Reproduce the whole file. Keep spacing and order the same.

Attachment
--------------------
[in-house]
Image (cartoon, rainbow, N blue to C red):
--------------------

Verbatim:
[in-house]
Image (cartoon, rainbow, N blue to C red):